Eliminate “noisy neighbours”: With the expanded use of hyperconverged infrastructure comes the need for HCI solutions that support an increased density of primary workloads. For hyperconverged solutions to thrive, they must consistently deliver sub-millisecond response times and support hundreds of thousands to millions of IOPS.
Integration with multiple public clouds: Modern HCI solutions must provide a private cloud platform that can be easily integrated with hyper-scale public cloud providers to create a seamless hybrid, multi-cloud experience. Ability to seamlessly move data between on-prem, private clouds and public clouds to support the ever-changing needs of a diverse workload portfolio will support the lifting and shifting of applications from private clouds to trusted hyper-scalers and back again as business requires
Common data fabric for private and public clouds: IDC believes hyperconverged solutions have become an ideal platform for on-prem, private cloud deployments thanks to their scale out, software-defined, highly automated architecture. But it is important to recognize that the role of customers’ cloud-based IT solutions is to ingest, deliver, and exploit data no matter where that data is created or lives.
The road ahead
The first generation of HCI solutions were primarily driving operational simplicity and rapid time to service. This addressed critical pain-points related to complexity and inflexibility within the datacenter. However, as with any early market deployments, users were often creating silos of HCI clusters for specific applications and use cases. As such, HCI solutions will need to evolve to address many of the challenges that the first-generation solutions were not designed to tackle, such as workload consolidation, independent and flexible scaling among others.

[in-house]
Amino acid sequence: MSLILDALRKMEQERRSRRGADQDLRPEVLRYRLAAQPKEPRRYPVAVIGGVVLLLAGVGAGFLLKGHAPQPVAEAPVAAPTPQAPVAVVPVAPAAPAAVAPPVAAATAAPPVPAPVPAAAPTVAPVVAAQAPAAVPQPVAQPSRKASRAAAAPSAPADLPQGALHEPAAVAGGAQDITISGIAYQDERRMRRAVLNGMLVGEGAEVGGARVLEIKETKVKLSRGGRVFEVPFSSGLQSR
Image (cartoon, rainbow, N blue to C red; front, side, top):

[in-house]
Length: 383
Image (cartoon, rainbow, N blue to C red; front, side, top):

Looking forward, datacenter infrastructure will be increasingly influenced by software-defined solutions running on server-based platforms that incorporate hybrid cloud into an administrator’s workflow. While this change has undeniably begun, it is still in its early days. IT teams that do not yet feel ready to deploy this type of infrastructure should keep an eye on the future and work closely with companies to make sure today’s datacenter investments prepare the datacenter for such inevitabilities.
(The author is the Director Next Gen Datacenter & Cloud for India & SAARC Operations, NetApp India)